Rhetorical Analysis Of A Letter From Birmingham Jail

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“A Letter from Birmingham Jail” written by Martin Luther King was an extremely influential letter that was articulated and presented into a masterpiece. The most important understanding is the core meaning of the letter that King wrote was emotional, but most of all an argument. On April 12, 1963, Martin Luther King Jr. was incarcerated in Birmingham, Alabama, for protesting against the racial segregation that was taking place at the time. Injustice was taking place in Birmingham, and Dr. Martin Luther King Jr. was invited to help and support the protests of this segregated city. King was considered an “outsider” for doing such actions. Martin Luther King Jr. used the three rhetorical appeals logos, ethos, and pathos to try to persuade the city that he was neither an instigator nor an outsider. …show more content…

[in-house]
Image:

He also uses loaded language, metaphors, and alliteration to help get his point across to his audience. For example, at the beginning of his letter he states that the demonstrations of the clergymen’s claim were “unwise and untimely.” He showed that he had a plan of direct action regarding ways to solve the issues at hand. The phrasing of this statement indicated that Martin Luther King Jr. was sympathetic towards the “Negro community,” and that he believed that the “white power structure” was at fault. Direct action was argumentative and showed that King understood the suggestions that were being made. Throughout the letter, King established himself as one who is well versed in the happenings of the community. He showed that he was willing to proceed with respect and dignity, but because of the emotional appeals that he feels compelled to make for his cause, he will not remain

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